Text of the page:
Optic nerve glioma (ONG), is a primary tumour of the glial cells of the optic nerve. It is one of the most common neurogenic orbital tumours of childhood . The incidence of optic nerve glioma varies with the type of the survey. In Shield's survey, it accounted for only 0.6% of biopsies in all ages , and for 2% of all biopsies in children . However, the incidence of ONG is probably higher than that indicated by these biopsy-proved studies, since most patients swith ONG are evaluated clinically and are not subjected to a biopsy. ONG usually becomes clinically apparent during the first decade of life. In our study, there were 3 patients with ONG (2 males and a female), aged 5, 7 and 12 years, constituting 3.3% of all orbital lesions; one of them (7-year-old male) had NF 1. The symptoms and signs of orbital ONG are characteristic and depend largely on the location of the tumour in the optic nerve. The classic clinical features include painless, progressive visual loss associated with axial proptosis, which in most cases is unilateral, but bilateral involvement may occur, particularly in patients with NF 1. The visual loss is often so slow and insidious that the affected child may be unaware of it. However, if ONG originates in the intracanalicular portion of the optic nerve, severe visual impairment may occur before proptosis. If the tumour involves the immediate retrobulbar portion of the optic nerve, fundus examination initially reveals a swollen hyperemic optic disc. . Helpful ancillary studies include CT scan and MRI.. With CT, the intraconal tumour has a characteristic smooth fusiform appearance. MRI is usually indicated to demonstrate tumour extension through the optic foramen into the intracranial portion of the optic nerve. [37,40]. In our study, the 3 patients presented with unilateral axial proptosis associated with diminution of vision, and in one of them, the ONG was associated with NF 1. The diagnosis was made on clinical basis with the aid of CT and MRI, without the need for a biopsy in all patients. Treatment of ONG in children is controversial and complex. The decision to initiate treatment and outcomes depend upon several factors including patient's age, tumour location and size, and visual symptoms [60-61]. Some authors have proposed that it is a benign hamartoma with little potential for growth and invasion and that do not metastasize and may even spontaneously regress . They recommended eye examination every 3 months for the first year, gradually increasing the interval if visual function remains stable. Surgical treatment was only indicated for unsightly proptosis, or when there was evidence of progressive disease, indicated by a combination of functional deterioration of visual function and tumour enlargement on CT and/or MRI imaging [63,64]. Others believe that it is an aggressive neoplasm and recommend as complete total excision as is feasible [64,65], with or without radiation therapy, or radiation therapy only [66,67]. In addition, gliomas confined to the optic nerve should be distinguished from those involving chiasm with or without posterior extension. The role of chemotherapy in treatment of optic nerve and chiasmal gliomas was also studied by many authors [68,69]. In our study, conservative regular follow-up every 3 months with serial neuro-imaging and ophthalmic examinations was recommended for 2 patients with nonprogressive ONG; and excision of the tumour through a lateral orbitotomy approach was done in a 12-year-old girl, who presented with left severe proptosis and optic atrophy.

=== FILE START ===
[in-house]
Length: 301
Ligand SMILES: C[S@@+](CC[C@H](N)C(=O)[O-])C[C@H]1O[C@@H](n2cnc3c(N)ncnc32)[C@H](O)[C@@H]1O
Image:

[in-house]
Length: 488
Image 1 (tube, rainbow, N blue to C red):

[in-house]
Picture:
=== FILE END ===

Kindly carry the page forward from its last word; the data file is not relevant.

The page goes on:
An important clinical aspect of the orbital ONG is its relationship to NF 1 (Von- Recklinghausen’s disease) . Although estimates vary considerably, most series with good available clinical data have reported a 40 to 50% incidence of NF 1 in patients with orbital ONG [71,72]. In as many as 95%, of patients, the diagnosis is made on the basis of clinical manifestations. Diagnosis requires the presence of 2 or more major criteria including: 6 or more café-au- lait spots, axillary or inguinal freckling, 2 or more cutaneous neurofibromas, one plexiform neurofibroma (PN), characteristic bony lesions (pseudarthrosis, sphenoid wing hypoplasia), an optic glioma, 2 or more iris (Lisch) nodules, or a first-degree relative with NF1 [73,74]. Congenital glaucoma was also reported with NF1 , which was seen in one patient with NF1 in our study Figure 4 j-l). The plexiform NF is considered pathognomonic of NF 1. In the early stages, it presents with ptosis and thickening of the upper eyelid (S-shaped deformity), Figure 4d). Then, the tumour infiltrates all orbital tissues, making dissection difficult, if not impossible. The management of orbital PN presents a complex problem. The diffuse infiltrating nature of this tumour usually negates the possibility of complete surgical removal. In many instances it seems most prudent to refrain from surgical intervention as long as possible because the results of surgery may be more cosmetically disfiguring than the disease process itself. Surgical intervention may ultimately be necessary because of bothersome symptoms, threatened vision, or an unacceptable cosmetic appearance. In such instances the surgeon must often resort to partial excision or debulking procedures to alleviate the problem . Five cases with NF 1 were encountered in our study; of them, 3 cases were associated with eyelid plexiform neurofibroma, one with ONG, and one with right congenital glaucoma (Buphthalmos). The diagnosis was made clinically in all cases. All NF 1 patients had characteristic cutaneous pigmentary changes (Café-au-lait spots). Regarding treatment of NF1 in our study, partial surgical debulking of the eyelid PN was done in one patient to improve the cosmetic appearance and prevent occlusion amblyopia with no recurrence till end of the study; periodic observation was recommended for the other 2 cases with small lid lesions; combined trabeculotomytrabeculectomy with mitomycin C was done for the patient with buphthalmos; and regular follow up was recommended for the patient with unprogressive ONG.